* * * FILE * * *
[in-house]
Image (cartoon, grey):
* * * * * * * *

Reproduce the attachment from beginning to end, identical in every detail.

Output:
[in-house]
Image (cartoon, grey):